All this began to change in the Seventies and the Eighties, when publishing became big - or bigger - business, and all but a handful of independents were swallowed up by conglomerates like Reed, News International, Pearson and Random House. Although Faber, that most literary of publishers, had been a pioneer of what would later become known as "vertical" publishing - publishing the paperback as well as the hardback within the same firm, rather than licensing the paperback rights to a specialist firm like Penguin - the arrival of the conglomerates, with conglomerate money behind them, made it possible for new arrivals to enter mass market paperback publishing, in direct competition with Penguin and Pan. With more and more titles being paperbacked "in-house"- a move that was welcomed by increasingly powerful literary agents, since that way their authors were guaranteed a full paperback royalty, rather than a half share as before - Penguin became vulnerable to having titles and authors withdrawn when their licenses came up for renewal. Cape and Chatto authors who might well have been with Penguin in the old days now appeared in Vintage, and Secker and Heinemann writers with Mandarin, while Penguin itself - following the logic of "vertical" publishing - increasingly relied on its own hardback imprints: Viking, Hamish Hamilton and Michael Joseph.

All this coincided with the development of the high street chains like Waterstone's and Dillons. In an increasingly commercial and competitive world, Penguin were no longer separated from the hoi-polloi or granted the deference of yore, and at the popular end of the spectrum at least they began to look and behave like everybody else. Towards the end of his life, Allen Lane was so outraged by a book of Sine cartoons published by his flamboyant heir-apparent, Tony Godwin, that he had stolen into his Harmondsworth warehouse in the middle of the night, removed the entire stock, and burned it in his garden. No doubt he would have felt similar pyromaniac urges when faced with some of the titles taken on by Penguin's current supremo, Peter Mayer; but after the lean years of the Seventies, Penguin is back in business, and the great trick of literary publishing has always been to finance with the profits from bestsellers more difficult or worthwhile work.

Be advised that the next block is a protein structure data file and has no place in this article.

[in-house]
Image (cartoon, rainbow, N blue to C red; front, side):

The truth of the matter is that once the rest of the world began to catch up, and even overtake, Penguin's uniqueness was harder to maintain. Perhaps the saddest loss of all was the disappearance of Pelican as an imprint in the late Eighties, ostensibly for legal reasons (another firm had the use of the title in the States, so making it impossible to market Pelicans on a world-wide basis); since so many Pelicans had been originated in- house they were less vulnerable to the clawing back of licences than novels or travel books, and the fading of their familiar blue covers coincided with the great boom in university numbers. That said, old friends still linger on now rejacketed as Penguins and uneasily rubbing shoulders with New Age paperbacks on the Age of Aquarius: Metals in the Service of Man, first published in 1944, recently celebrated its 10th edition, while Doris Mary Stenton's England in the Early Middle Ages waits to be supplanted in due course by its equivalent volume in the new Penguin History of England, edited by David Cannadine.

One of the more welcome trends of the Nineties has been a retreat from the gigantism of the Eighties, when books of every kind grew larger and more unmanageable. Pengin are marking their anniversary by publishing 60 miniature paperbacks, most of them consisting of extracts from books they already have in print. A more permanent memorial might be to restore to their original, pocketable format books that are currently available in the more cumbersome "B" format. The ghost of Sir Allen would surely approve, and so might a good many others.